Chilling real-life accounts of witches, from medieval Europe through colonial America, compiled by the New York Times bestselling author of The Physick Book of Deliverance Dane and The Daughters of Temperance Hobbs
From a manual for witch hunters written by King James himself in 1597, to court documents from the Salem witch trials of 1692, to newspaper coverage of a woman stoned to death on the streets of Philadelphia while the Continental Congress met, The Penguin Book of Witches is a treasury of historical accounts of accused witches that sheds light on the reality behind the legends. Bringing to life stories like that of Eunice Cole, tried for attacking a teenage girl with a rock and buried with a stake through her heart; Jane Jacobs, a Bostonian so often accused of witchcraft that she took her tormentors to court on charges of slander; and Increase Mather, an exorcism-performing minister famed for his knowledge of witches, this volume provides a unique tour through the darkest history of English and North American witchcraft.
For more than seventy years, Penguin has been the leading publisher of classic literature in the English-speaking world. With more than 1,700 titles, Penguin Classics represents a global bookshelf of the best works throughout history and across genres and disciplines. Readers trust the series to provide authoritative texts enhanced by introductions and notes by distinguished scholars and contemporary authors, as well as up-to-date translations by award-winning translators.
About the Author
Katherine Howe (editor), the direct descendant of three accused Salem witches, is the New York Times bestselling author of the novels The Physick Book of Deliverance Dane, The Daughters of Temperance Hobbs, and The House of Velvet andGlass, as well as the young adult novels Conversion and The Appearance of Annie van Sinderen. She lives with her family in New England and New York City.
New Atlantic Indie bestseller
“Haunting . . . Erudite, insightful, and resonant . . . There are unsettling, inescapable parallels to the recent police violence in Ferguson, Mo. . . . The Penguin Book of Witches . . . provides invaluable historical context, and makes fascinating reading about a past that all too well illuminates the present.” —NPR.org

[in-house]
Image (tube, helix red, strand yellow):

“Katherine Howe’s new book recalls a time when witchcraft wasn’t just a crime, it was enough to get you killed.” —NPR’s Weekend Edition Sunday
“A fascinating selection of historical accounts.” —The Washington Post
“People have never been as interested to hear about a book I was reading as they were when I spent a few weeks in October carrying around The Penguin Book of Witches. . . . Ben Franklin was alive and you could still be publicly stoned to death in Philly for being a witch. Crazy. This book is a good gift to give to single women you know.” —Caity Weaver, Gawker, “The Best Things We Read in 2014”
“I am just glad there is now, in this world, a book with the title The Penguin Book of Witches, because, really, how cool is that.” —John Scalzi, New York Times bestselling and Hugo Award–winning author
“Invaluable . . . A fine compendium.” —The Independent
“An excellent read . . . Fascinating and completely different from [other] books on witchcraft . . . A sobering look at what fear and instability can do to communities through the demonization of anyone thought of as different. You will close the book with a broader understanding of what we are capable of doing to each other.” —Nerdist
“A cornucopia of fascinating and often unsettling texts . . . Deftly curated and exhaustively annotated . . . [Along with] Howe’s engaging, thorough, and thoughtful annotations . . . the excerpts . . . are fascinating windows into early ideas about gender, class, and social roles.” —Refinery 29
“Fascinating and insightful. With her usual skill, Katherine Howe navigates the winding path leading to Salem’s hysteria and beyond. A must-read for anyone who wants to know not only what happened but also how and why.” —Brunonia Barry, New York Times bestselling author of The Lace Reader
“This comprehensive collection of carefully selected documents and published primary materials, coupled with judicious and informative introductions, will help modern readers understand the seemingly inexplicable and persistent popular phenomenon of belief in witchcraft from the seventeenth century into more modern times.” —Mary Beth Norton, author of In the Devil’s Snare
“An informative and engaging series of texts that Katherine Howe introduces in a crisp and well-informed manner. The chronological breadth is unusual, but it allows us to grasp more fully the continuities that mark the history of witch-hunting on both sides of the Atlantic.” —David D. Hall, Harvard Divinity School
“With insightful notations . . . this superbly edited and annotated work provides in-depth material for those interested in the origins of witchcraft persecution in America.” —Library Journal